Sometimes you’ll only realize this when they’ve blocked you on all social media accounts, since your opinions are “problematic”. You’ll wonder “what the fuck dude” until you see their social media profile, then you’ll either go through the same thought process or think “Oh, he turned into one of those people. What the fuck man?” You’ll find out you’ve been accused of wrongthink, and have now been declared by him and maybe his friends as a suppressive person. After all, their ideology told them to cut off those who don’t follow it from their friend circle if they’re not willing to accept them, and this also leads to lots of hatred towards parents, especially if they’re “Christian bigots”. After all, who needs your parents when you have a brand new chosen family that’ll take care of everything because you got kicked out of your house for being a piece of shit who gets into arguments all day and can’t make a life for himself.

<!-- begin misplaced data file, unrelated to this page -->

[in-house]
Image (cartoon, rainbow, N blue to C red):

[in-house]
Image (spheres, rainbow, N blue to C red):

The worrying part comes after this, as these people tend to act all petty and catty at times, especially once they join cults. They’re happy to throw former friends under the bus, as long as it’s for “the cause”. Leaking private texts and voice calls they might have recorded? Check. Making up callout posts about you to rub your reputation through the mud? Check. Trying to sabotage everything you’ll ever do in life for their own personal satisfaction? Check. Just remember, if it’s for the cause, its fair game. One of my favorite tweets to come out of the whole GamerGate shitstorm back in 2014 was this tweet, where a failed internet movie reviewer on the far left straight up said, “there are no bad tactics, just bad targets”. This is great, because it’s one of their own stating their mindset, that as long as it’s for the cause, you can do anything to the people online you don’t like.